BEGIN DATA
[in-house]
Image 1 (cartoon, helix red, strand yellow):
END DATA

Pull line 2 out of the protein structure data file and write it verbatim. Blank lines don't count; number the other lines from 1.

Image 1 (cartoon, helix red, strand yellow):